Medicare is a national health insurance program administered by the federal government for people with disabilities and seniors.  The Medicare program was enacted in 1965 as Title XVIII of the Social Security Act.  Individuals who receive an SSDI or a dependent’s or survivor’s benefit based on disability are eligible for Medicare. However, eligibility does not begin until the individual has received the Title II benefit for 24 months.  Retroactive periods of eligibility count toward the 24-month period.   No application is necessary because eligibility occurs automatically in month 25 of eligibility. Individuals age 65 and older  and individuals with End Stage Renal Disease (ESRD)  are also eligible for Medicare and may need to file an application.

Medicare eligibility does not have income limits or resource limits.  Medicare is similar to Title II benefits in that it is not a needs-based program.  There are no income or asset tests for eligibility.   The Medicare benefit is for the individual.  Medicare does not have family coverage.  Rather each Medicare beneficiary must meet the age, receipt of Title II disability benefits or ESRD qualifying criteria.

Medicare Part A covers hospital bills, nursing facilities, hospice care and home health services.   For most beneficiaries, Part A is premium free. Individuals receiving a Title II disability benefit or retirement benefit do not have to pay for Part A and are required to accept this coverage. Seniors with insufficient quarters of coverage are charged a premium for Part A and may choose whether or not to purchase it.

Medicare Part B covers most outpatient care.  Medicare B charges a monthly premium which is $99.90 in 2012. Enrollment in Medicare B is optional.   Individuals with incomes above $85,000 and couples with incomes above $170,000 pay a higher premium.   Premium penalties are charged to individuals who declined Part B when they became eligible and were not covered by a group insurance plan based on current employment. 

Medicare Part C provides coverage through a private managed care plan.  These plans, known as Medicare Advantage plans, provide the coverage of Medicare A and Medicare B.  An individual must have both Medicare A and Medicare B to enroll in Medicare C.  Enrollment is voluntary and there may be an additional monthly premium.

Medicare Part D provides prescription drug coverage.  Medicare Part D went into effect on January 1, 2006.  An individual must have either Medicare A or Medicare B to enroll in a Medicare Part D plan.  The Part D benefit is provided through private insurance companies.  Part D charges monthly premiums which vary from plan to plan.  Delayed enrollment can result in a higher monthly premium, unless the individual had creditable coverage.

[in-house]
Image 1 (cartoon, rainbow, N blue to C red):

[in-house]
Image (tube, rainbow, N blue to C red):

Enrollment in Medicare is limited to certain periods.  There is an initial enrollment period when someone first becomes eligible, an annual open enrollment period and special enrollment periods with differing criteria for Part B and Part D.   Individuals who miss their initial enrollment period and are not eligible for a special enrollment period, will have to wait for the annual enrollment period to join Medicare.

Medicare’s coordination of benefit rules decide which insurer pays first when there is more than one payer.  Determination of the primary payer depends on the reason for Medicare eligibility, the nature of the other insurance and sometimes on the size of the employer who is providing the insurance.

Summary:  Medicare

Like Title II benefits, eligibility for Medicare benefits is not affected by receipt of alimony or child support or by a property partition.  If there is an order for an obligor to provide health insurance to a Medicare beneficiary, it is advisable to consider Medicare’s enrollment rules and coordination of benefit rules to understand the effect of this insurance on the Medicare benefit.

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Nancy Lorenz is a senior attorney in the Elder Health and Disability Unit at Greater Boston Legal Services.  She is a graduate of Cornell University and Northeastern University School of Law.  Ms. Lorenz practiced family law for several years.  Since 1984 she has concentrated her practice in the areas of access to health care and disability benefits for low income clients.  She has significant litigation experience in Medicaid, Medicare, and Social Security matters.  She also frequently trains both advocates and consumers in these areas.

Linda L. Landry has 30 years of legal experience with Social Security benefits.  The first 10 years were spent in a Massachusetts legal services program.  For the past 20 years she has worked at the Disability Law Center (DLC) in Boston. At the DLC she engages in impact and policy work on a variety of matters,  while providing backup, support, technical assistance and co-counseling to a statewide project of attorneys and advocates who represent individual Social Security and SSI disability benefits claimants.  She writes and presents on a variety topics for numerous local and national audiences.  She received the NOSSCR Distinguished Service Award in 2006 and the Massachusetts Bar Association Equal Access to Justice Award in 2011.